Respondent’s explanation that it selected the domain name because it is the Spanish and Italian word for "book" appears prima facie acceptable. It is a fact that registrations of generic words have acquired considerable commercial value and represent an important asset in electronic commerce especially in a trade sector where product marketing through the Internet has become vitally important as it is for the book industry.
The Complainant has not provided any evidence of facts which might indicate that Respondent knew or should have known of Complainant’s trademarks and registered the domain name with the intent of capitalizing on Complainant’s trademark interests or even that Respondent was aware of Complainant’s existence when it registered the domain name.
It is noted that on this record the Complainant has no trademark rights in the U.S.A and has not started commercial activities on the U.S. market.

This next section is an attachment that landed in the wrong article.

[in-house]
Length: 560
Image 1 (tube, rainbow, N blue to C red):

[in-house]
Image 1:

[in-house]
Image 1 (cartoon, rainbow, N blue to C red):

The record also shows that the Respondent has registered and acquired the domain name "juego.com" which is also a descriptive term in the Spanish language.
Under these circumstances it is not likely that the Respondent has chosen the domain name with the intent to profit or otherwise abuse Complainant’s trademarks, but, in contrast, it appears reasonable to believe that the Respondent’s allegation that it has registered the domain name for making profit from descriptive character of this domain name is correct.
Complainant has offered no evidence to contradict this claim. In the absence of additional evidence specifically on issue of bad faith and the reasonably plausible explanation given by the Respondent as to why the domain name was chosen, it cannot be imputed that Respondent’s intent was to sell and transfer the domain name to the Complainant.